4301 West Markham, Slot 803 — Little Rock, AR, 72205
Q: What should I do first?
A: If you’ve never used our facility before, please contact us and request a consultation before you begin preparing samples for submission. Proper experimental design and sample preparation are critical to the success of any proteomics analysis. We’ve made every effort to provide as much useful information as possible on our website, but no two experiments are exactly alike. A brief discussion can often result in an experimental design better suited to your research goals.
Q: How should my proteomics experiment be designed?
A: The specific research goals are often critical in optimizing experimental design. For example, the abundance of a protein of interest within the cell may dictate the choice of experimental platform or the amount of instrument time used to acquire data. The number of biological replicates included for each experimental condition is also very important. A minimum of three replicates is essential for quantitative analysis, with five or more recommended in many cases.
Q: Should I use TMT or DIA?
A: The selection of TMT (tandem mass tag) or DIA (data independent acquisition) analysis depends on how many samples you have and how many proteins you want to identify. TMT analysis is best suited for maximizing proteomic depth or for phospho-proteomic analysis, but is not practical with more than about 20 samples. DIA analysis is optimal for larger experiments with dozens or hundreds of samples.
Q: What types of sample can you analyze?
A: We can process and analyze cultured cells, tissue lysates, serum/plasma, IP/affinity pulldowns, gel bands, and many other sample types.
Q: How should I prepare my samples for analysis?
A: The compatibility of sample preparation protocols with our instrument systems is critical to obtaining high-quality data from any proteomics analysis. For example, even small amounts of non-ionic detergents can interfere with chromatography. If you have not submitted samples to our facility before, or you are submitting a new type of sample, please contact us before preparing your samples.
Q: How much protein do I need to submit?
A: Depending on the type of analysis, the ideal minimum sample requirement is between 50 and 200 micrograms total protein per sample.
Q: What if I don’t have enough protein or enough replicates?
A: We can often generate a good preliminary data set or a semi-quantitative comparison with limited sample numbers or protein amounts. Please contact us to discuss your options.
Q: How do I ship my samples?
A: All samples should be shipped on dry ice by Fedex Priority Overnight shipping. Sample tubes should be clearly labeled and packed securely in cryo/freezer boxes. We recommend using enough dry ice to keep samples frozen for up to 48 hours. Please notify us in advance and send a tracking number to ensure proper delivery.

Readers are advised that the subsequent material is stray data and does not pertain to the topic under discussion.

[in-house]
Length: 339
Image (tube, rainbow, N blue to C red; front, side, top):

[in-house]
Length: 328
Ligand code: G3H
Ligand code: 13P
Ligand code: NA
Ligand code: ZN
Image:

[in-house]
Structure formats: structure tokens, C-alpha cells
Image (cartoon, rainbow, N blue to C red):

Q: How long will it take to analyze my samples?
A: Our typical turnaround time for most sample sets is 4 to 6 weeks. This includes sample processing, data acquisition, and data analysis.
Q: How many proteins will you be able to identify from my samples?
A: Depending on sample type, sample quality, and the amount of instrument time allocated to data acquisition, we expect to identify and quantify from 2,500 to 10,000 proteins in cell or tissue samples, or from 500 to 1,500 proteins in serum or plasma samples.
Q: How much data analysis will you do?
A: Our standard services include database search, normalization, and differential expression analysis. We provide comprehensive reports including spreadsheets and interactive figures.
Q: How much will it cost to analyze my samples?
A: The exact cost depends on the experimental design and the number of samples. A 10-sample TMT analysis or 20-sample DIA analysis, for example, would cost about $2000 including sample processing, data acquisition, and data analysis. Please contact us for a quote for any specific experiment.
Q: Will you analyze my samples for free?
A: Our facility offers vouchers for free analysis (up to $2000) to researchers funded by NIGMS, funded through the NIGMS-IDeA Program, and early-stage/new investigators working within the mission of NIGMS. Please contact us for more information about eligibility and how to apply.
Q: Who do I contact for more information?
Samuel G. Mackintosh, Ph.D.
Associate Professor of Biochemistry and Molecular Biology
Managing Director, IDeA National Resource for Quantitative Proteomics
University of Arkansas for Medical Sciences